A sign outside a long-time greasy spoon in my neighbourhood serves as a perfect metaphor for my reaction to a recent checkup.

The city had very publicly stepped up its restaurant health code check program, and the resto near me posted a huge sign in the window that said, “We passed!” — as if with an unspoken, “Yeah, we didn’t believe it either at first.”

Similarly, I fist-pumped when I received an email from my doctor’s office saying simply, “Your blood work was all ok.” Meaning everything. Cholesterol, liver function, kidney function, triglycerides, uric acid, blood sugar.

Ah, blood sugar. That’s the reason I spent the day whistling. The year before it had registered as somewhat elevated, declared “borderline” by this same doctor. Honestly, I didn’t do much to address it, but in the ensuing year I spent a lot of time pondering what life would be like as a diabetic.

There are a lot of people — mostly men, I’m going to say — who avoid their doctors, because of the possibility of bad news. It’s pretzel logic, but irrelevant when you’re in your 20s and 30s, because you’re probably not going to die soon regardless of your lifestyle. In your 40s, 50s and 60s, it’s dumb. And it ignores the natural high of hearing that you, indeed, have more time on your clock, barring getting hit by a bus.

I hadn’t thought about that happy good-news buzz for a while. The last time was a few years ago, when I developed a persistent cough that ultimately turned out to be viral and resolved itself within a few months. Still, my doctor had me get a chest X-ray, a diagnostic that, in my mind, is mainly meant to confirm lung cancer (I quit smoking nearly 20 years ago). Again, the mind races, until you hear the words “all clear” and you grab your spouse by the arm and dance.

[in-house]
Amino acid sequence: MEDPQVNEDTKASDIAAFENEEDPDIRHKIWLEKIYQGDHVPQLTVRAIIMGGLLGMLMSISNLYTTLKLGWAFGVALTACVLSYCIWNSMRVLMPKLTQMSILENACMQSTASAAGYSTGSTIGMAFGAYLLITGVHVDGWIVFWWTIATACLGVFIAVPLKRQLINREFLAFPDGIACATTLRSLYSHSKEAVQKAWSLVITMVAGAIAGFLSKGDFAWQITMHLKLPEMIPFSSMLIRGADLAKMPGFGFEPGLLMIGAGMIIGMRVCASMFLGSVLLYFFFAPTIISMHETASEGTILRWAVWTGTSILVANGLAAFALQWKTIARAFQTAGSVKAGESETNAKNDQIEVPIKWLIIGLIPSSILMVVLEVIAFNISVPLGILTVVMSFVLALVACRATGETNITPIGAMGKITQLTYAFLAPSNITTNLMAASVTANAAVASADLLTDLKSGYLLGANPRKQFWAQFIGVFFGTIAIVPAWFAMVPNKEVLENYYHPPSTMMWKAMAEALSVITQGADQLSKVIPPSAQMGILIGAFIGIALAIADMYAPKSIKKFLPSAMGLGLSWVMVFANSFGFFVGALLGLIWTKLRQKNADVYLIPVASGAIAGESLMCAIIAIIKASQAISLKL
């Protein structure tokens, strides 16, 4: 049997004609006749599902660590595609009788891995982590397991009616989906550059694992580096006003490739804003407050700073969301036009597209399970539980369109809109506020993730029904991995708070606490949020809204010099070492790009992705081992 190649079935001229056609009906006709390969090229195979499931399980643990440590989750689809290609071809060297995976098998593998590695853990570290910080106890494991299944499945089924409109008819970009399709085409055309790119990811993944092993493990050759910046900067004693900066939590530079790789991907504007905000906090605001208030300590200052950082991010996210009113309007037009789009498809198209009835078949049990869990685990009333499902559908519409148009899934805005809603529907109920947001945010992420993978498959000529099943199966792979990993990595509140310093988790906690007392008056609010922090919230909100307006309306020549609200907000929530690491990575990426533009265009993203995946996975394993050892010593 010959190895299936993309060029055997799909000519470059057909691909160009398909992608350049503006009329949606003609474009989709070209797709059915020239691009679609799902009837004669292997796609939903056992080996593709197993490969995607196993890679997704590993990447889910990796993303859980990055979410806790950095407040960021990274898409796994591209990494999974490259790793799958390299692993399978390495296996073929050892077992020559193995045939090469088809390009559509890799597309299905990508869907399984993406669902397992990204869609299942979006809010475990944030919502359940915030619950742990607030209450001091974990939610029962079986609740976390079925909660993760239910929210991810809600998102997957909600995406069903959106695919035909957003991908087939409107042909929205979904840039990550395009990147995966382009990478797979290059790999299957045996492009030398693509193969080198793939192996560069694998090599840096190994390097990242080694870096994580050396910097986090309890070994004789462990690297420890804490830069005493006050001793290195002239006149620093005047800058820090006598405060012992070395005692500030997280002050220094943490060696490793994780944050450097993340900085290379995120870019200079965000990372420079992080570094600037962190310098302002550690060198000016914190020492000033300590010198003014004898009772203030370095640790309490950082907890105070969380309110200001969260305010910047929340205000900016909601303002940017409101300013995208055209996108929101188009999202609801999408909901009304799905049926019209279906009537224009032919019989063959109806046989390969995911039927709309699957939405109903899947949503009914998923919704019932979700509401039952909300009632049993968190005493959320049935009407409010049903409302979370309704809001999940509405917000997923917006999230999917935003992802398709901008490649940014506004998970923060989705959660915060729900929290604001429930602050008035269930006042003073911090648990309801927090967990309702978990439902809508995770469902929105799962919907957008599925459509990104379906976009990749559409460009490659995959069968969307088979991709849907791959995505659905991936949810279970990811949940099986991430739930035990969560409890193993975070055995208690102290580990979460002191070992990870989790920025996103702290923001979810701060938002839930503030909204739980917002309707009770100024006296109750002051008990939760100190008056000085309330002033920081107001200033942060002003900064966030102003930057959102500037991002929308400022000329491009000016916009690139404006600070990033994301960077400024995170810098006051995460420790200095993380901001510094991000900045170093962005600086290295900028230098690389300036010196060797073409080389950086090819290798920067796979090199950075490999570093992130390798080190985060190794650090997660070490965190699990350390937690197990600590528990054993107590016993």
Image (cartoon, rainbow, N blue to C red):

This column is shaping up very much like what my sister-in-law calls “an organ recital,” a wry description of when her friends get together and compare symptoms.

But there’s another side to all this — a school of thought in the medical world that we’re actually over-tested, especially as we age. And a demographic that should be extra wary of multiple drug interaction is likely to be prescribed more and more drugs as time goes on.

“You go in with this fear. And then, ‘Whew, I’m healthy, it’s normal!’” says Dr. Wendy Levinson. “But if you had a side effect from that test, and it wasn’t needed, you would go, ‘Crumb, why did I ever have that test?’ It’s a false illusion that more tests are better.”

Dr. Levinson, a member of the Order of Canada, is the chair of Choose Wisely Canada, an organization whose major partner is the Canadian Medical Association. Their mandate is to make people aware that they don’t always need that test or pill, that they should ask questions of their doctors and be informed about their risk factors and non-risk factors. For example, general biopsy side effects may include “slight bleeding or bruising, tenderness, pain, infection and problems with the wound healing.” A thyroid biopsy can also include temporarily increased thyroid activity.

“We’re not here to say, ‘Never do tests.’ In all our lists, we say tests should be done when needed.

An example of a priority test is a colonoscopy, which I finally submitted to after a decade of voices urged me on. Among them: my doctor, my wife, the city’s health department (which kept sending material in the mail), and a colleague, the movie critic Richard Crouse, whose routine colonoscopy revealed early-stage, treatable colon cancer. He has since become an activist and congratulated me for finally taking his advice. (Mine was uneventful, and I won’t be doing another for five years.)